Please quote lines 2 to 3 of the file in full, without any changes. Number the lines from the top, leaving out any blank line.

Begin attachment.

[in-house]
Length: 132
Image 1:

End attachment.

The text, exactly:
Length: 132
Image 1: